Underage Drinking

We’ve all seen what’s happening, we’ve all nodded our heads in agreement when others complain and we’ve all shaken our heads in disbelief when we’ve witnessed the antics… but it isn’t getting any better…… is it?

This Andersontown News article by Evan Short, FRIDAY Night on the Tear pretty much illustrates the position. Evan recounts a trip around Belfast with a photographer but, I’m sure, similar pieces could have been written about towns all across Northern Ireland. Evan writes of the young drinkers with their carry out bags:-

” Each encounter with the camera lens on Friday night prompted the same typical response. First they showed defiance – shouting abuse and waving hand gestures. Then followed the realisation that they perhaps didn’t want to be photographed swilling alcohol in full view of everyone and they tried to cover their faces. Any sense of consequence soon left them, however, and thoughts turned to confronting us, prevented only by a number of hasty departures on our part.”

You really need to read the full article to get the real picture. We also need to begin to discuss the reasons behind this behaviour and how we can bring it to an end. Don’t get me wrong here – I absolutely love me pint! But I do fear that young people are being exploited by unscrupulous publicans and being placed in moral as well as physical danger by this activity.

So… what’s the solution?

  • Lower the age at which young people can get into pubs?
  • Increase police presence in known drinking spots?
  • Arrest more young drinkers and drag them home to their parents?
  • Take the parents to court?
  • Educate young people more on the dangers of drink?

What… what? What do you suggest?

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5 Responses to Underage Drinking

  1. MargieB32 says:

    I am a recovering alcoholic of 20 years so I know if a person has reached that stage of alcohol abuse, they will find drink no matter what. So, the main question is what to do to prevent alcohol abuse and this is a social problem. Young people in particular no longer drinking to be social…they drink to get as drunk as they can as quickly as they can.

    One suggestion is, if not already on the books, to pass a law outlawing drinking in public and confiscating the alcohol. That would be a major start. Also, I understand that frequently taxi drivers deliver the drink to the underage youngsters; they should have their liscense suspended. Certainly, take the children home to their parents–if the parents are at home. One observation is that the partents are out enjoying a belated thwarted teenagehood that got delayed during The Troubles so they aren’t always being as responsible as the ymight be.

    The main question when dealing with teenagers is how to help them feel they have a future that engages them in a positive way. The high suicide rate among young males, is I feel, strongly connected with the abuse of alcohol. And, the abuse of alcohol is also responsible for young people practicing unsafe sex with it’s attendant increase in STD’s and the high rate of underage pregnancies. We need to treat alcohol for what it is, a drug. A drug that is addictive and from current research is regarded as having a genetic connection. That’s all for now from me on this topic.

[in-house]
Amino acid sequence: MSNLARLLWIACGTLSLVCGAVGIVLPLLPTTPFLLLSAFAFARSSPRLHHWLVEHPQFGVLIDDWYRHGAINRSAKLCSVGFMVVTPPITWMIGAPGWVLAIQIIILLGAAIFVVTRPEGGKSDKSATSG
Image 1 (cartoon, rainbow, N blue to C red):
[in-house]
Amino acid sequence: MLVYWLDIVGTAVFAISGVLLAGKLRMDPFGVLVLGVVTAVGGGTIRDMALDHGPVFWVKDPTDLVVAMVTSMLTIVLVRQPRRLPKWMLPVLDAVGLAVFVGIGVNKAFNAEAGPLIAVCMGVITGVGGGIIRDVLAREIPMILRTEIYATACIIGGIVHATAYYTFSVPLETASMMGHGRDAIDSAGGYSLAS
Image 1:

2. talkni says:

    Thank you for that MargieB32.

    You raise so many points here and I agree with many of them. I wonder… Can I ask if your personal experience was of starting to drink at a very early age and, if so, do you think that led to the problems you have faced and overcome. Would someone who began drinking later in life have less risk of encountering problems – in your opinion – or would the risks be the same?

  3. margieb32 says:

    No, I didn’t start drinking until I was in my 40’s. The risks are the same at any age, however, if one starts drinking at a younger age then it has been my observation and via discussion with others, that those who do start young bypass the stages of growing up and, once they stop, if they stop, then they literally have to go through the process of reliving the socialization process of teenage and young adult life, etc.. At least when I stopped, I already had life socialization experiences, i.e., work, relationships with the opposite sex, friendships, living on my own and then later marriage and motherhood.

  4. Dawn says:

    i am a 15 year old girl from west belfast .i believe that the reason why so many teens begin to drink is because they have problems and it can help make them go away i no that are problems may seem silly to you but they are not to us

  5. Auld Hand says:

    Dawn. I can see that grabbing a drink is one way of forgetting problems but I’m not sure it is the best! Forty odd years have taught me that. Whatever the problem you have at 8pm, before you drink, is still there at 2am when you finish drinking. The only difference is that you have added a massive hangover to it so that the next morning you feel even less able to cope with the problem.

    Life is a problem that it is nice to have. Look around, breathe the fresh air and think how jealous Auld Hands like em are that you still have so much time in front of you to make glorious, brilliant mistakes that you can learn from and change the world by solving. You are lucky. You are the future. Why spend your present tanked up and hiding out on some park bench on a cold winter’s night with a couple of buck eedjits. There are films to be seen, books to be read, people to be met, galleries to be visited, ice to be skated on, buildings to be looked at, relatives to be talked to, a world to be explored…. ah you lucky thing. It’s in front of you.

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